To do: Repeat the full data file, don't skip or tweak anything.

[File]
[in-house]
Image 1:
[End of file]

[in-house]
Image 1: